Paterno Ave: "Arguably cost them the Gator Bowl?" When your FOURTH F-ING INTERCEPTION was the one that put the nail in the coffin, and then you go and throw a FIFTH just to cement your place in the record book for all time, you COST US THE GAME.
McGloin also probably won us the game against Michigan, which was one of only two redeeming results of last season (Joe getting 400 being the other), so I don't think you can entirely exile the kid. It's not impossible that he can take the experience he got in 2010, learn some more intelligent risk-taking in the offseason, and be considerable improved next year.
But you don't start him, Joe. This site used to be a little more legal oriented, and I'll channel that here: Robert Bolden is the "CYA" Clause in this quarterback controversy. Right now, there are two things that no rational, reasonable Penn State fan (I've probably eliminated everyone right there when it comes to this subject) can argue with. 1) Robert Bolden has the higher ceiling - no one can say McGloin is clearly the better option in the long term. 2) Matt McGloin, at the very best, outplayed Bolden to a hard-to-quantify, minor degree. If you play Bolden and he doesn't make a (common) second-year improvement, some people will be mad. Everyone will be frustrated, but some people will get really vocal and mad at the coaches (this will happen if PSU only beats Indiana State by 3 touchdowns in opener).
What happens if you play McGloin over the former Elite 11 sophomore, and it doesn't work out? Apoplexy. Intermittent Explosive Disorder. Post-Traumatic Stress Disorder. These are just some of the medical terms that will be misdiagnosed for the kind of vitriolic outbursts that will be melting the internet every Saturday evening next fall. Both of these players can progress, both may not; Bolden is the one that has the better pedigree, evokes former stars Robinson and Clark, and is undeniable the best move from a PR perspective... because he's the better bet from a football "perspective."
Those other two guys: I really like Newsome, but the best QB-related bet of all is that he never throws another pass in non-garbage time for Penn State. And I am very excited for the day that Paul Jones starts a game, but we sunk a lot of last season into getting the other guys some time with the bullets flying, and I'm not looking to sink another season into that just yet.
4. Meat dish/Hot Dish: I'm not a hater (I love Joe Paterno, Penn State fans are awesome, I dig the traditional/rarely changing uniforms, Penn State players play tough and clean football and graduate, etc.), but I look at 2011 Penn State and I see disaster/disappointment on the horizon -- unsettled QB position, they've already lost DE Pete Massero and TE Garry Gilliam to ACL injuries, they have a potential if not likely non-conference loss against Alabama, and a back-loaded schedule in 2011 that features 5 straight games against 2010 bowl teams (at Northwestern, Illinois, Nebraska, at Ohio State, at Wisconsin). All this, off a Penn State season that (for PSU, at least) screamed mediocrity: 7-6 record, 52nd nationally in passing yards per game, 74th in rushing yards per game, 81st in points per game scored, 50th in points per game allowed. Talent obviously continues to flow into Happy Valley via recruiting, but is Penn State poised for a losing 2011 campaign? Why or why not?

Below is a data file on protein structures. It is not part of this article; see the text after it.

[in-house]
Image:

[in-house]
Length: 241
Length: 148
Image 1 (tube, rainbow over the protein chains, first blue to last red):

Bama Hawkeye: No. Penn State is not poised for a losing season.
I realize that there is risk in saying this. In May 2000, if you would have asked the same question, the unanimous answer would have been "No." Penn State had rolled off 11 straight winning seasons, with 10 of them including at least 9 wins. 1999 saw Penn State as a national title contender until the bottom dropped out in the final three games. Then, the dark days fell. Four losing seasons in five years - a bowl loss in their only appearance. So, it is possible that Penn State can fall down.
I just don't see it happening this year. The schedule is hard, but not impossible. This is not a National Championship schedule. It's closer to a bowl eligible schedule. Let me explain the difference.
If you are looking at your team as a national championship contender, you want your toughest games at home. You want the edge against the best teams, knowing that you can beat the middle and light-weights on the road. If you are looking at your team, and just hoping that you can scrape out six wins, you want your toughest games on the road - chalk them up as losses. You can get to six wins by taking care of business against the lesser and mid-level foes at home. Penn State has enough mid-level games at home that their fans can rest easy right now.